A Need for Nourishment: Giving Our Leaders Honest Feedback
During the last month, I’ve been combing old issues of Exponent II for some great essays that I might excerpt for blog posts. I was especially struck by Laurel Thatcher Ulrich’s essay “A Need for Nourishment,” in which she talks about how she nourishes and supports her leaders by communicating honestly with them – which includes letting them know when she disagrees with them.
I suppose I was attracted to this essay because I myself have been wondering recently what role I should play in my ward. I’ve become frustrated with some not so great lessons we’ve been getting (lessons in which not one question is asked – just pure reading of quotes from the manual and lecturing), and I’ve been very tempted to preserve my sanity by skipping out on some of my meetings. (ok, I actually have skipped out on quite a few RS meetings.)
Part of my frustration stems from the fact that I feel I have no power to make things better. I actually have taken Ulrich’s advice and have talked to our RS education counselor about our need for some discussions during our lessons. She was very receptive, but I’ve yet to actually see major improvements. On the other hand, I have had what I consider a positive experience with the bishop. When he called me to something that required very little sacrifice, time, effort, or brainpower, I accepted the calling but openly told him that next time around, I’d appreciate it if he would consider me for a calling that utilized my talents and interests in teaching or humanitarian work, since I felt like I really might be able to contribute something in those realms. A couple of weeks later, he rescinded his original calling and called me to be the humanitarian assistant. I was really impressed that, with the additional information I gave, he was willing to backtrack and find something that would allow me to feel like I was contributing more.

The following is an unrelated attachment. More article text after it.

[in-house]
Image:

Below is an excerpt from Ulrich’s essay. I would love to know what experiences, positive and not so positive, you have had giving honest feedback to your leaders.
“A Need for Nourishment” by Laurel Thatcher Ulrich. Exponent II, Winter, 1980
“A refusal to communicate is the ultimate form of rejection. To talk to one’s leader is a sign of trust; to listen to one’s followers is a sign of confidence. Honest disagreement, appropriately expressed, is a form of nourishment. It helps leaders and followers grow through enlarging their perceptions and improving their ability to understand and communicate. Of course, this communication must be suited to the situation. One does not water petunias with a fire hose or serve tacos to a victim of indigestion. I suspect, however, that some leaders in our church are malnourished from too much whipped cream and Jello.
I have been thinking a lot lately about the passage in the Doctrine and Covenants which reads:
We have learned by sad experience that it is in the nature and disposition of almost all men, as soon as they get a little authority, as they suppose, they will immediately begin to exercise unrighteous dominion. 121: 39
The phase that stuck in my mind is “almost all men.” The Prophet seems to be saying here that the tendency toward authoritarianism is so widespread that it affects nearly everyone. Since this verse is in a passage discussing the priesthood, I assume that he meant bishops, stake presidents and other officers, as well as ordinary members of the church, male and female.
Now, I don’t think it is my job to decide which of my leaders is exercising unrighteous dominion, but I do think it is my responsibility as a member of the Church to make it very hard for any of them to do so. I can do this by letting them know in word and in action that I intend to nourish as well as support them, that I will tell them what I think as honestly and as openly as I can, that I will prayerfully and thoughtfully consider every assignment and add my inspiration to theirs, and that I will even raise my hand in opposition to a program if the spirit tells me to do so. To do any less than this is to withdraw the lifeblood of the church – the sustaining testimony of each member.”